A theologian for a post-secular world

A theologian for a post-secular world Dr Michael Kirwan, professor of systematic and pastoral theology, who was recently appointed director of the Loyola Institute.
Personal Profile

A generation of philosophers, sociologists, and public intellectuals wrote off religion, declaring that we were moving into a secular age where faith would be redundant. But as Dr Michael Kirwan SJ, new director of the Loyola Institute in Trinity College Dublin (TCD), points out, this hasn’t happened. In fact, Dr Kirwan explains, many philosophers now think that we are moving into a “post-secular age”.

“Even people who are not particularly religious are finding that they need to know about religious and religious traditions,” Dr Kirwan tells The Irish Catholic. “We had a very interesting event on religious literacy at the beginning of last year. If society is to survive, to flourish, then it needs to know its religious traditions and it’s not helpful if people are ignorant about religion.

“Even among secular philosophers, there’s a huge turn towards an interest in religion because people are saying that societies over time cannot survive without something like religion – for example, truth,” he continues. “The last Irish census said that 78% of people in Ireland self-identify as Roman Catholic. That’s an astonishing figure when you think of what’s going on in the last 20 years.

“Now, that figure is declining and it’s up to us to understand what these people mean by being Catholic. But given the chance, they’re saying, ‘I consider myself a Catholic’. So tell me it is a secular society when 78% are saying that somehow they relate to a religious tradition.”

Experience

Dr Kirwan has extensive experience in this area having taught pastoral and systematic theology for more than 20 years. He taught first in Heythrop college, a specialist Jesuit college in the University of London, and now in TCD. Coming to Ireland in 2020 brings Dr Kirwan a full circle, in a certain sense. Both his parents were devout Catholics from the West of Ireland. Partly as a result of their influence, faith has always been important to Dr Kirwan.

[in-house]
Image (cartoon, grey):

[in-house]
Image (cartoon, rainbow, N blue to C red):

“My mum – she’s still around, she’s 92 – and she’s a very devoted committed Catholic,” Dr Kirwan explains. ”It was a believing household. I probably went through a little spell of agnosticism around mid-teens, but otherwise I’ve been pretty much committed.”

Dr Kirwan went to school at a Jesuit school in Leeds, a fact which was to have a great baring on his future. Though there weren’t many Jesuits present, just two chaplains, their example later convinced him to join the Jesuits. However, though a committed Catholic right through his teens, Dr Kirwan says his vocation to the priesthood took him completely by surprise.

“I was doing my final exams at university when this thing suddenly sprung on me,” he says. “It was a time of anxiety, uncertainty – a kind of, what am I going to do with my life? But this wasn’t at the forefront of my thinking at all. It happened very, very quickly from the end of my studies to entering the Jesuit novitiate. It was about a six month period, it was very, very great – it was just extraordinary.”

In 1980, Dr Kirwan joined the novitiate and spent the next few years studying to become a Jesuit priest. From 1990-1993, he was assistant parish priest in Corpus Christi parish, Brixton Hill, South London. He enjoyed the experience immensely.

“I wasn’t thinking at that stage of doing further studies,” Dr Kirwan explains. “I knew that when I was ordained, I’d have to spend time in a parish. I really enjoyed it, it’s great parish in South London there. It had a little bit of everything – it was socially mixed, racially mixed, it’s a very interesting part of London.”

Following his three years in the parish, Dr Kirwan was informed by his superiors that they would like him to do further studies. He spent the next four years working on a PhD, before taking up a full-time position in Heythrop College. He never forgot his years working as a priest and believes the experience was invaluable in shaping his approach to studying theology.

“Obviously my giving a lecture I’m doing something of what Christ was doing, helping people to know God better,” Dr Kirwan says. “To help people get that, whether you do that on a Sunday morning or in a lecture hall. You’re trying to set up first this God thing, what does it mean there being God. In a lecture you’ve got two hours to do that. But on a Sunday morning you’ve got 7-10 minutes. But I think there’s a link there.”

Dr Kirwan’s latest role is that of Director of the Loyola Institute, a mission that he’s looking forward to enormously and has high hopes for.

“It’s got enormous potential,” he says. “There’s a lot of reorganisation going on about the school of religion. That’s been reorganised the last couple of years and how the Loyola Institute fits into that is under discussion. There’s still a lot of things to be decided around all that. It’s a very interesting place to be and of course it’s a class university and I think it’s very good, very important to be there.”